FOXBORO - By halftime last January 16th, Tom Brady had been sacked three times by the New York Jets, he'd thrown an inexplicable pick, Patrick Chung had called for a fake punt that failed and that gaffe led to a Jets touchdown with 33 seconds left in the first half. The 14-3 deficit at the break? Too much to overcome. The year before, the Baltimore Ravens allowed late-arriving traffic on Route 1 to U-turn and head home as they built a 24-0 lead by the end of the first quarter. In neither of those games could the Patriots' starts be called "poised."So with the feature game of this weekend's playoff slate Saturday night, the Patriots are in a position once again where they must bring composure. Can they? Will they be able to the poise missing the last two playoff games? "Once that ball's kicked off, it's a game," said Tom Brady. "And it's the same game we've been playing all season. There's definitely a heightened sense of intensity because it's one game. There's no next week. It's a one-game season. Trying to control your emotions to a point where it doesn't interfere with your level of execution is important. But sometimes you can't control that. We'll see."That Brady candidly revealed his emotions are beyond control in big games is noteworthy. The fact they have gotten that way later in his career when, for the first 10 playoff games of his career (all wins), he was as cool as any quarterback had ever been in the cauldron of pressure. Urgency is important. But there's a line between urgency and desperation and for Brady, the desire to return to the summit - especially after doing the Icarus thing back in 2007 - seems almost desperate. "Every play is so important this time of year that you feel like you need to execute the best," said Brady. "When you play the best teams, the margin for error is less. They're gonna be playing well, they're gonna be ready to go. We have to match that. ...We got to go out there and try to play a good. Emotions will be running high, I'm sure the stadium will be very loud, playing on a Saturday night. It's special, man, it's the playoffs. That's why we work so hard to get to this point." Working somewhat in the Patriots' favor is the fact that a deficit is a common occurrence in 2011. Not just in the past two games where the Patriots were down 17-0 and 21-0 and still won, for a slew of games prior to that New England overcame opponents' leads. "Over the course of this whole year, this team has done a great job of keeping its poise," explained Vince Wilfork. "Through good times and bad times. I think we all kept a level head and it starts with the top first. It starts with Bill (Belichick). And Bill's probably one of the best at it. Don't get too high, don't get too low."We've seen the video of Bill O'Brien's meltdown at Washington when he butted into a Tom Brady-Tiquan Underwood discussion. But, Wilfork says, that's been an exception."Even when things went wrong and we lost, you never hear no fuss," Wilfork began. "Well, every now and then," he added. "But we coulda been arguing on the sideline and fussin' all the time a bunch but we didn't. Poise is everything and I think this team has a lot of it and that's what it's gonna take. We're going to have to be able to fight through some tough situtations, some tough calls some tough things you might not agree with or statements made at the time of the battle. Your job is to fight through those and perform well and I think for the most part we've done that."Playoff experience, Brady was asked. What's it mean?"It's a different team than played in '01, '03," Brady corrected. "How these teams are gonna attack us, we'll see. We'll see on Saturday night. ...I think that's why we're gonna show up and play. Nobody knows the answer to do those things. Experience is great when you win, then when you lose it means nothing.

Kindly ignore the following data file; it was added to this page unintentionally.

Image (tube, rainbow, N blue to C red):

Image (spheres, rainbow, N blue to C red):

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FOXBORO -- Antonio Brown's live stream of coach Mike Tomlin's postgame speech on Sunday had a ripple effect that traveled all the way to New England: Just in case Patriots players weren't familiar with the league's social-media policy, they were reminded of it this week.
"We were reminded of that," receiver Chris Hogan said. "I’m not sure what the timing is, but obviously, I don’t think we’ll see guys doing that in the locker room."
Players are prohibited from using social media in the locker room until media outlets have been given an opportunity to talk to players following games. Brown's Facebook Live video, which garnered national attention almost as soon as it went online, was shot well before the visitor's locker room at Arrowhead Stadium opened following Pittsburgh's win over Kansas City.
"We have a team policy on that," special teams captain Matthew Slater said. "Strictly enforced. We go from there."
Of course part of the reason the video became as widely disseminated as it did was because it caught Tomlin calling the Patriots "a--holes."
"I have a lot of respect for Coach Tomlin," Slater said when asked about Tomlin's speech. "I appreciate the way he prepares his team. I’ve had a good working relationship with him over the years, and it will continue to be that way."
Both Slater and Hogan insisted that their focus will be trained solely on preparing for what Tomlin and his players will do when they arrive to Gillette Stadium Sunday night -- not what they say leading up to kickoff.
"You come in here, you're automatically bought into what we preach here, what coach [Bill] Belichick preaches," Hogan said. "It's football. We're 100 percent football here. It's not about anything outside. Between the media or whatever it is outside of football, whatever we're doing. When we come here, it's 100 percent football. That's all we're focused on is the opponent we're playing that week."